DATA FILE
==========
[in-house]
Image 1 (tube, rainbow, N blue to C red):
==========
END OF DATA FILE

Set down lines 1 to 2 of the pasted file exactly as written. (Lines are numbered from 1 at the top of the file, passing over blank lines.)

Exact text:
[in-house]
Image 1 (tube, rainbow, N blue to C red):